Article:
In the early 1980s, I worked in the central office of the commonwealth government department responsible for securing the implementation of awards determined by the (then) Conciliation and Arbitration Commission, now termed the Fair Work Commission. During the 1982-83 recession, unemployment rose to more than 10 per cent. This was at a time when Australia’s industrial relations was more centralised.

At the time, it came to the department’s attention that, in some hard-hit areas of Australia, workers had petitioned their employers to work fewer hours, and thereby receive less weekly pay than that prescribed under existing awards. Often employees agreed with each other on this so that the employer did not need to lay off staff.

Such agreements made sense. However, if they were not sanctioned by the commission they were illegal. And many employers did not wish to apply for a legal exemption since this could become public knowledge and let competitors know of their economic plight. Unfortunately, such flexibility was not possible at the time and some workers joined the unemployment queues while some businesses closed.

Following the economic reforms of the Labor governments led by Bob Hawke and later Paul Keating, the inflexible system was made more flexible in the early 90s by the introduction of enterprise bargaining agreements negotiated between employers and employees. When the Coalition came to office in 1996, John Howard attempted to introduce more flexibility into the system, with some success. The combined impact of the recessions of the mid-70s, early 80s and early 90s led to the economic reforms of the 80s, 90s and early 2000s. The long-term effects of this reform process brought about a situation whereby, at the start of the pandemic recession, the Australian economy was among the best performing in the Western world.

In the wake of the Howard government defeat in 2007 and, with it, the demise of his Work Choices legislation, the Labor governments led by Kevin Rudd and Julia Gillard set about increasing the level of regulation in the IR system. The Coalition governments led by Tony Abbott, Malcolm Turnbull and Scott Morrison have done little to undo the Rudd-Gillard legislation — primarily because none had an automatic majority in the Senate.

Economic reform in Australia usually takes place following an economic shock of some kind. That made Work Choices difficult to sustain, since the economy was in good shape during the Howard years. The Morrison government, following discussion with trade union leaders and employer groups, now has set itself on a course of moderate IR reform to deal with the consequences of the 2020 recession.

On Wednesday, Industrial Relations Minister Christian Porter delivered the second reading speech of the Fair Work Amendment Bill 2020. As Porter said, this is not an “ideologically based” legislation. Rather “it is founded on a series of practical, incremental solutions to key issues that are known barriers to creating jobs”.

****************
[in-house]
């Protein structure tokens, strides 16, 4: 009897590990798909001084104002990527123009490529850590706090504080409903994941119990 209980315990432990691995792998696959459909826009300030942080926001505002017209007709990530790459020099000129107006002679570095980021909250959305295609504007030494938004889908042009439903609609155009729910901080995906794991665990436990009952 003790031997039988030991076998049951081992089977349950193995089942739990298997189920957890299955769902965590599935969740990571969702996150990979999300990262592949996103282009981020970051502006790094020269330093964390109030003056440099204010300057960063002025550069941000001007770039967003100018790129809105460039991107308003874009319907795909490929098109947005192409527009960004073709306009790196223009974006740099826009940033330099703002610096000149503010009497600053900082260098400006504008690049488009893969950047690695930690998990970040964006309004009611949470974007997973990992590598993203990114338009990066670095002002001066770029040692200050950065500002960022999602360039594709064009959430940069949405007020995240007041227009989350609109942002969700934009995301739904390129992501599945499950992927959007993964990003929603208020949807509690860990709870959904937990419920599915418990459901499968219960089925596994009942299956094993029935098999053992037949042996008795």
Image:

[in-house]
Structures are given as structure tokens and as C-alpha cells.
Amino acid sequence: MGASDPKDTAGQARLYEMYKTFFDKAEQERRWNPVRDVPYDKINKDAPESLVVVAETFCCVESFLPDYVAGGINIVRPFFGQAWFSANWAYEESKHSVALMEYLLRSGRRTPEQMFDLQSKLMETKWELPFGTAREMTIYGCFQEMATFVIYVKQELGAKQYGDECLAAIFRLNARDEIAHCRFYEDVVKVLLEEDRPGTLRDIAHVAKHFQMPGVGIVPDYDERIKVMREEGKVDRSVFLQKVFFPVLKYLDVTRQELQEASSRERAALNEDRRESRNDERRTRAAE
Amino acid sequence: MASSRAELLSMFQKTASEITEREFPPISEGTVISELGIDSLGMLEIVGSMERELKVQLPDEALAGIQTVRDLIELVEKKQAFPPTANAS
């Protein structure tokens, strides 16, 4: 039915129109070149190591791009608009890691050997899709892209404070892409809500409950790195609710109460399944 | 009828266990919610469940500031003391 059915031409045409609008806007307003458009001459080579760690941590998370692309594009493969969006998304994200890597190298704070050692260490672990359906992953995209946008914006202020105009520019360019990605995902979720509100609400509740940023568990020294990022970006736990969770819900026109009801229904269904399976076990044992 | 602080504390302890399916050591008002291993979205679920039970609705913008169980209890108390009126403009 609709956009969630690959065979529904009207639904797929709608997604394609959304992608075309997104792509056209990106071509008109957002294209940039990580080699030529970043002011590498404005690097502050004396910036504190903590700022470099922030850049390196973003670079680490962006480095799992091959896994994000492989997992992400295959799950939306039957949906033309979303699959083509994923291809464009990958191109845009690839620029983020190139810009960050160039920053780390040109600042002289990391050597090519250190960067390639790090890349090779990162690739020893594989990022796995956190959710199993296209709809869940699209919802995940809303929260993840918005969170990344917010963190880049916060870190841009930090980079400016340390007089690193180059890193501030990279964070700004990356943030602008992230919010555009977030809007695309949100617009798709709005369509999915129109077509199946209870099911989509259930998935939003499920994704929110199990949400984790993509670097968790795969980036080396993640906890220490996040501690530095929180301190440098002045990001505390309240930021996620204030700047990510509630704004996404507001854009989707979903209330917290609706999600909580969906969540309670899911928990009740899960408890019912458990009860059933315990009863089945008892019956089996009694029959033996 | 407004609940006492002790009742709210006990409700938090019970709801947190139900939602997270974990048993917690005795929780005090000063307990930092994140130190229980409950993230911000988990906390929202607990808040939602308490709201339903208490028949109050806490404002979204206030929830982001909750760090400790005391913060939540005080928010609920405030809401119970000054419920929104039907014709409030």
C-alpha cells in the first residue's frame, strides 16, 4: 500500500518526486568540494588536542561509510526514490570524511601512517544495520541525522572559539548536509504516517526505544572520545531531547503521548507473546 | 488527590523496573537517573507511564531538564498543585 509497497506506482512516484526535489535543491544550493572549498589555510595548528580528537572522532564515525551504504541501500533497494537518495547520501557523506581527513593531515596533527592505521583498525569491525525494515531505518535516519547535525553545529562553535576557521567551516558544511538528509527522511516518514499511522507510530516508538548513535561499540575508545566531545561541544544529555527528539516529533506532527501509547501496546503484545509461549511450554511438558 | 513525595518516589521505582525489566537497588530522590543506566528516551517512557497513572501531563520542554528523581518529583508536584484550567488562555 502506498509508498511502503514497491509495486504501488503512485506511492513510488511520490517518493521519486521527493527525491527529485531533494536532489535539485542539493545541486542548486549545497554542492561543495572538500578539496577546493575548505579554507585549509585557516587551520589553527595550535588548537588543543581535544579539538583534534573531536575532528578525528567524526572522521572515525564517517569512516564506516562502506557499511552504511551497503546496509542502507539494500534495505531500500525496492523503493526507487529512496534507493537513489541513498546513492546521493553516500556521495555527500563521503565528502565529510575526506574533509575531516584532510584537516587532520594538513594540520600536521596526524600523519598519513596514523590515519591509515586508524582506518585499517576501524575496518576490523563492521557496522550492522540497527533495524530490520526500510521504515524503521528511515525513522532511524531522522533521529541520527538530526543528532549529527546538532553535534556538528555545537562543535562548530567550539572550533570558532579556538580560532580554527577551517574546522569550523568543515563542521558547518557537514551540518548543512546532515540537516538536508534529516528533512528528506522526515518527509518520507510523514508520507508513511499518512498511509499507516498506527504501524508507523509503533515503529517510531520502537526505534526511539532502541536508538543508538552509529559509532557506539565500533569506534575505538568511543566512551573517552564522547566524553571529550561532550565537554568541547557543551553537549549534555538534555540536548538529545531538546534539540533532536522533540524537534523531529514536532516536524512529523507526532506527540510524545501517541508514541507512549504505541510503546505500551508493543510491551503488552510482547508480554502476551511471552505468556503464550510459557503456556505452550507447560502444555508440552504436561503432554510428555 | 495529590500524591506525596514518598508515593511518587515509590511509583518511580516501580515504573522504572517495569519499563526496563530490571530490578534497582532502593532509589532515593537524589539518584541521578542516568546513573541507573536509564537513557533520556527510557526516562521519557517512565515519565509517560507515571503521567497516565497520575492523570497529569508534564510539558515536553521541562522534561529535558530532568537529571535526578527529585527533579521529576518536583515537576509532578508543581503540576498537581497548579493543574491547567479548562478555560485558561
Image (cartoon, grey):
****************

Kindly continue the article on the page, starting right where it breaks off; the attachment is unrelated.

In the 1982-83 recession, Australia’s highly regulated IR system was an impediment to economic recovery in general and the reduction in unemployment in particular. The current bill is designed to facilitate economic recovery and employment growth. A crucial part of the proposed legislation is aimed at hospitality and retail industries, which have been hit especially hard by the pandemic recession.

For a limited period of two years, the government wants to make it possible for the FWC to approve revised agreements previously negotiated between employers and employees with respect to wages and conditions under the better-off-overall test.

Currently, for the most part, agreements between employers and employees will not be approved if the latter are not judged to be better off overall.

The government wants to make it possible for the FWC to approve an agreement to which the BOOT standard does not apply, but only after assessing the circumstances of the employees, employers and employer organisations covered by the agreement and the impact of COVID-19 on the business in question plus the overall public interest.

In other words, it might be possible for an employee to not be better off as a result of the revised agreement — but only for two years, by which time it is anticipated that the economic recovery would have taken place throughout the whole economy, including the hospitality and retail industries.

So far, Australia’s economic recovery appears to be going well. But next year will bring its difficulties as JobKeeper and JobSeeker payments will be abolished or reduced. Some businesses forced to close down during the lockdowns — especially in Greater Melbourne, where the lockdowns were most extensive — are not likely to reopen.

On the basis that a job is infinitely better than no job, it makes sense for the industrial relations system to be more flexible than is currently the case. Yet early indications are that both the Labor Party and the trade union movement, through the ACTU, is opposed to the Morrison govern­ment’s non-ideological reform proposals.

And here’s the problem. Since early in the 20th century, the trade union movement has had the right to negotiate the pay and conditions of those entitled to be trade union members — even if they are not union members. Currently only 9 per cent of private sector workers are trade union members.

Yet ACTU leaders Sally McManus and Michele O’Neil proclaim the right to negotiate for hospitality and retail workers in, say, Launceston and Townsville irrespective of their wishes. That is akin to the situation that prevailed in the early 80s with deleterious effects on employment.

Workers better understand the economic circumstances of the businesses that employ them than trade unions executives in Melbourne or Sydney.